In chapter six, Rosamund Oates offers a fascinating study of the histories published both in England and abroad, by Protestants such as Fox and Catholics such as Verstegan and Persons. She shows how in times of change, these authors sought to give their communities a history to call their own, accounts which justified their beliefs and institutions as true to God’s will. Such histories were therefore highly polemical, but Oates argues that they also were far more than that, since they combined to shape believers’ interpretations about God, Church and country in the Elizabethan era.
Peter Lake’s contribution in chapter seven provides a more literary analysis, focusing upon a play (Sir John Oldcastle, pt 1) penned by Michael Drayton, Richard Hathaway, Anthony Munday and Robert Wilson. The author argues that the play put ‘the politics of conscience on the public stage’, as it echoed the tensions between ecclesiastical and state power. Its message was suited to both Catholic loyalists and moderate Puritans who wished to retain their religious freedom of conscience whilst demonstrating their allegiance to the crown. Whilst thought-provoking and evidently valuable, this contribution seems marginal to the volume’s thematic focus and appears nearly as a stand-alone piece.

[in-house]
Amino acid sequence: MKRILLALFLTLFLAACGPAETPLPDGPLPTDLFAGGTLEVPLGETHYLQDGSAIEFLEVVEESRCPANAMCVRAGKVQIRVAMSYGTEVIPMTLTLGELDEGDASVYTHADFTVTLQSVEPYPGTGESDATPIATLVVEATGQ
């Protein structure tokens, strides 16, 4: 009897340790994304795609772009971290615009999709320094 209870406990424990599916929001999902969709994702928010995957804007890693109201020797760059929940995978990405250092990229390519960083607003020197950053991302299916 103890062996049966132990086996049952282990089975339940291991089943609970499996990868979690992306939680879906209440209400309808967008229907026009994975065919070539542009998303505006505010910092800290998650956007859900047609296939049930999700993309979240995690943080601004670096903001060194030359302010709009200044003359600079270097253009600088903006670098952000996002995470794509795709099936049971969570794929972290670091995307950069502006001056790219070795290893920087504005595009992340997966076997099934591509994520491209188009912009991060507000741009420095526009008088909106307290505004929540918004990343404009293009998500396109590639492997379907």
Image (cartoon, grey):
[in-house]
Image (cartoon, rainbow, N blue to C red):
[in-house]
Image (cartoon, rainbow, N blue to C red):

The last three chapters leave the borders of the realm to study inter-confessional relationships abroad (mostly in France). In chapter eight, Katy Gibbons offers insights into the negotiation of religious identity in the Elizabethan era. She shows that the experience of exile was multi-faceted and that it changed with circumstances; some people were conformists at home but openly Catholic abroad, thus flouting both the Elizabethan law and the prescriptions of Catholic clerics in order better to ‘get along’ with their neighbours. The chapter paints the picture of a fluid religious identity which resists attempts to be reduced to a monolithic entity.